BART Passenger Fakes Seizure to Stop Robbery; Police Release Photos of Would-Be Thief

A BART passenger in San Francisco was handed a note that threatened her with death if she didn't hand over her belongings, but her quick thinking in response may have prevented the mugging.

She faked a seizure.

BART police released this photo of a woman believed to have tried to rob a passenger on a train on Sept. 16, 2017.

BART police released this photo of a woman believed to have tried to rob a passenger on a train on Sept. 16, 2017.

Now, police are looking for the would-be thief in the case, described as a woman in her 30s with "strawberry blonde" hair who was last seen pulling a black cart with wheels.

Oakland resident Julie Dragland told the San Francisco Chronicle her Bay Area Rapid Transit train was passing through San Francisco en route to the East Bay Saturday afternoon when someone behind her passed her a slip of paper.  In red ink, the message read, "There are 2 guns pointed at you now. If you want to live hand back your wallet + phone NOW + do not turn around and be discreet. Do not turn around until after you have left Civic Center + you will live."

"When I read the note, I started freaking out," Dragland, 32, told the newspaper Sunday. "I did not want to give up my stuff but I had no idea who was behind me."

When an attempt to mouth the words "help me" to a fellow passenger didn't work, Dragland slumped to the side, "shaking and crying" to get the attention of the other passengers. After people started coming to check on her, the woman got off at the next stop.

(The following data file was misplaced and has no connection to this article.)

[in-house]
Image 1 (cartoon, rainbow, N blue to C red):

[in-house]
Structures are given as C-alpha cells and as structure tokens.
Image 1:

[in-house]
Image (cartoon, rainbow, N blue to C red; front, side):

On Monday, BART police said video from the train corroborated the victim's account.

The would-be mugger was seated behind the victim, who was sitting by herself, police said in a news release. The thief could be seen in video reaching over the victim's shoulder, and that's when she may have dropped the note, police said.

When Dragland faked a "medical problem," the woman who dropped the note got up and exited at the Powell Street Station in downtown San Francisco.

"There is no indication from the video the suspect was armed with any weapons," the police news release said.

BART spent $1.42 million earlier this year to install working surveillance equipment after the Chronicle reported that 77 percent of cameras on the trains were decoys.

Police are now looking through more video from inside the train and at the Powell Street Station.